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Dáil Éireann debate -
Tuesday, 12 Jun 1990

Vol. 399 No. 10

International Carriage of Goods by Road Bill, 1990: Committee Stage.

Sections 1 and 2 agreed to.
Question proposed: "That section 3 stand part of the Bill."

I do not intend to oppose this Bill or delay its passage through the House but I want to put down a marker on section 3 on the question of the carriage of goods by road. This section sets down certain penalties for failure to comply with the provisions of the Bill. I regret that the Bill concerning the international carriage of dangerous goods, which will give rise to accession to what is known as the ADR Agreement is not being brought before the House at the same time as this Bill. Not only is there no legislation to deal with the modern safe carriage of toxic waste by rail, but there is no legislation to deal with the modern safe carriage of toxic waste or related dangerous substances by road. The ADR Bill is long overdue and should be before the House in tandem with this Bill.

This is an indication of inertia within the Department of Tourism and Transport and this is further witnessed by the fact that we are the last European State to sign the ADR Agreement and to introduce the appropriate legislation. I make this point on section 3 because I believe that the Bill is overdue and we will be in very difficult circumstances if there is a major toxic problem on road or rail. I will draw the Minister's attention to what is called the "Asahi Express" which travels on a line where we have had a derailment and almost a second derailment caused by cattle crossing. These incidents could have occurred while the "Asahi Express", which carries highly toxic substances from Dublin to Mayo was on the line. I think we should be taking the ADR legislation in conjunction with this Bill so that we can come to terms with the question of a safe carriage of toxic goods by either road or rail. This needs to be attended to. However, having said that I do not want to delay the passage of this Bill. It is purely technical legislation which has the support of the haulage industry and also has European-wide support. I am sorry we are the last country to deal with this matter and that this inertia exists. We should be taking the ADR Bill in tandem with this one and deal with the whole question of the transport of toxic waste by road and rail and also the transport of other dangerous goods.

I confirm that Ireland has not acceded to the ADR — we are the only member state of the European Community in that position — because it has not the required legislation or administrative or technical arrangements in place. The Deputy is right in that a Bill would be needed to be passed by both Houses of the Oireachtas and arrangements put in place for the testing and certification of equipment and packaging and driver competence. I assure the Deputy that consideration is being given at present to whether Ireland should accede to the ADR and arrangements put in place for implementation of the ADR if accession is to proceed.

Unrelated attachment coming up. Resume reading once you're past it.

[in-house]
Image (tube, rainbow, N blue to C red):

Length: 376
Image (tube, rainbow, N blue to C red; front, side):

Question put and agreed to.
Sections 4 to 7, inclusive, agreed to.
Question proposed: "That section 8 stand part of the Bill."

Given the experience of recent times, can the Minister assure the House that any expenses incurred in the administration of this Bill will be properly monitored by his Department? For instance, I am concerned that there is not even one accountant in the Department of Tourism and Transport, and I use this occasion to highlight that matter. It is totally unacceptable that, in a Department of its size, with so many State and semi-State bodies under its aegis, there is no fully fledged accountant capable of monitoring these expenses and advising the Minister and Minister of State on matters of a broader nature in relation to this industry and also in relation to semi-State bodies in general. As we are allowing the Minister to incur expenses in the administration of the Bill, I use this occasion to make that comment.

I am glad to have the opportunity of saying a few words on this Bill. It is legislation whose origin goes back quite a few years. We are the last country to implement this directive which will be to the benefit of all concerned. Up to now a substantial part of our road haulage business was to the North of Ireland and to Great Britain.

Perhaps Deputy Moynihan would hold his contribution until the Minister moves the question. "That the Bill do now pass." We are dealing with Committee Stage now and will invite the Deputy to comment later.